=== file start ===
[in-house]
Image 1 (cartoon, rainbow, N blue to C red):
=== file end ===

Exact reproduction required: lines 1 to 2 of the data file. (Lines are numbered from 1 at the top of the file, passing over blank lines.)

[in-house]
Image 1 (cartoon, rainbow, N blue to C red):